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If you have responded and given your PIN number or any personal information, immediately contact First Dakota at 800-486-4712 or 866-546-8273 after bank hours. For more advice on how to protect your business from malicious online attacks and data breaches visit www.bbb.org.

7/11/16: Wendys confirms Databreach at over 1,000 locations - Both Sioux Falls locations are included in those effected.

The fast-food chain Wendy’s last week confirmed that 1,025 locations -- nearly 20 percent of U.S. stores -- were part of a major data breach that ran for up to several months in which cyber criminals infected card terminals with malware to steal debit and credit card data. While the impact of the breach on financial institutions is as yet unknown, one financial trade group has said the fraud volumes tied to the Wendy’s breach are greater than those from the widely publicized Target and Home Depot breaches.

Wendy’s said it believes the malware was introduced in the fall of 2015 to restaurants’ systems via the remote access credentials of Wendy’s service providers. The company said the malware used to steal card data at the restaurants had been disabled by early June. However, the breach -- which was publicly disclosed by cybersecurity reporter Brian Krebs in January -- was noticed months earlier by issuers and payments industry professionals noting suspicious activity on cards used at Wendy’s locations.

5/1/16: ABA Warns Consumers of 'Grandparent Scam'

In observance of Older Americans Month this May, ABA yesterday issued a press release warning consumers of impersonation scams -- commonly referred to as “grandparent scams” -- where criminals deliberately target older Americans by posing as family members or friends. According to the Federal Trade Commission, more than $42 million was lost to this type of fraud between 2012 and 2014.

ABA encourages consumers to always verify the identity of the caller, ask questions, never give personal information over the phone unless they initiated the call to a trusted party and to trust their instincts and obtain more information before making a financial decision.

“Fraudsters have no problem preying on your goodwill to get inside your wallet,” said Corey Carlisle, executive director of the ABA Foundation. “They’re using social media and internet searches to fabricate convincing stories, so be careful, trust your gut and do your best to confirm who you’re dealing with before sending any money.”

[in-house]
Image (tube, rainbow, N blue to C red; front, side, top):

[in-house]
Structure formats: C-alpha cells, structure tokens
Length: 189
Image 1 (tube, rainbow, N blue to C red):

ABA is committed to leading the charge against the financial exploitation of older Americans through its Safe Banking for Seniors campaign. Bankers registering for the program can take advantage of free resources to help them educate seniors and their caregivers on the risk of financial fraud. Learn more about Safe Banking for Seniors.  Read ABA’s press release.


4/19/16: DoTERRA breach exposes customer info; including SS, DOB, and addresses

DoTERRA International, a Pleasant Grove, Utah-based essential oils distributor, notified the State of California's Attorney General's office that personal information of its customers and wholesale members, or “Wellness Advocates,” was breached.

The breach compromised names, social security numbers, dates of birth, addresses, telephone numbers, email addresses, usernames, passwords, and credit or debit card information – including card numbers, security codes and expiration dates. The bath oils company learned of the breach from its web hosting company, according to a letter CEO David Stirling sent to California's Attorney General.

4/11/16: Watch out for "Microsoft" scam calls to fix your computer

The National Fraud Intelligence Bureau (NFIB) which assesses Action Fraud reports has said that between June 2014 and November 2014 there were over 12,000 reports that were categorized as a Computer Software Service Fraud. Analysis of those reports suggests that callers purport to be from a variety of organizations such as Microsoft, TalkTalk, BT as well as more generic sound organizations such as the 'Windows Technical Department'.

How does the scam work?

Victims are cold called, usually by phone and told that there is a problem with their computer and for a nominal fee the suspect can fix it. The suspects often claim to be working with Microsoft who have identified that the computer has been infected with a virus and offer an update or fix. The victims are talked through the logon steps in order for the fraudster to gain remote access to the computer. The victims will then often witness the mouse moving and changes being made to the display. They then pay a fee (anything between $100 and $300 has been reported to Action Fraud) and are told the problem has been resolved. Once the initial payment has been processed it is not uncommon for additional larger payments to be debited from the victim's account without their permission. In addition to charging a fee to fix the computer, in some instances programs are also installed that allow the fraudsters unlimited access to the computer without the victim's knowledge. This permits them to have access to information such as personal data as well as view online transactions so that further illegal activity may be carried out.

1/19/16: From the South Dakota Bankers Association

Protective Alert - Please be aware of the following reported by BankWest, Rapid City:

BankWest has had two customers report that their computers have bee compromised by a company called Beno Support. The customers responded to a screen pop-up on their computer indicating they have a virus, and they disclosed their bank routing number and account number for a $497 payment to SAFEAPZZ.com for "service protection" for eight years.